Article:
BRICS is an acronym for Brazil, Russia, India, China and South Africa, the emerging economies originally predicted by Goldman-Sachs in 2001 to dominate the world economy by 2050, comprising 48% of the world’s current population. The BRICS fund was created by these countries as an alternative development bank to the International Monetary Fund (IMF).
Contrary to what many may think, the BRICS nations, which concluded their recent meeting in Xiamen, China last Tuesday are not seeking to disrupt the Central Bankers’ debt-based, fiat money system of the IMF. They are actually seeking to get a better seat at the Central Bankers’ table, with their “currency basket” model, which replaces the petrodollar.
China, by far the largest of these economies is the largest stakeholder in the BRICS fund and it is also the biggest crude oil importer in the world. China is expected to launch a yuan-denominated, gold-backed crude oil futures security, in a space where crude oil has only been priced in US dollars since the early 1960s.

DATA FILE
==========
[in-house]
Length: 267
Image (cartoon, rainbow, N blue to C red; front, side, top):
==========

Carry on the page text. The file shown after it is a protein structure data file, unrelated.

We may recall that Iraq was invaded by “Coalition troops” soon after Saddam Hussein began accepting euros for Iraqi oil in February 2003. We may also recall that Libya was razed to the ground by NATO troops shortly before the release of Muammar Gaddafi’s pan-African currency, the golden Dinar.
Given what happened to these two countries and their leaders when they stood up to the monopolistic practices of the West and given the aggravated climate between the West and North Korea, China’s yuan-based futures instrument could easily be construed as a “shot across the bow,” which James Corbett suggests could escalate into “real shots” rather quickly.
Yuan-denominated crude oil has myriad implications. One is that it will enable traders in US/EU-sanctioned territories, such as Russia and Iran to circumvent the petrodollar completely in their crude oil purchases.
It’s a fascinating story that has been coming to a head for several years. James Corbett does a great job with this story.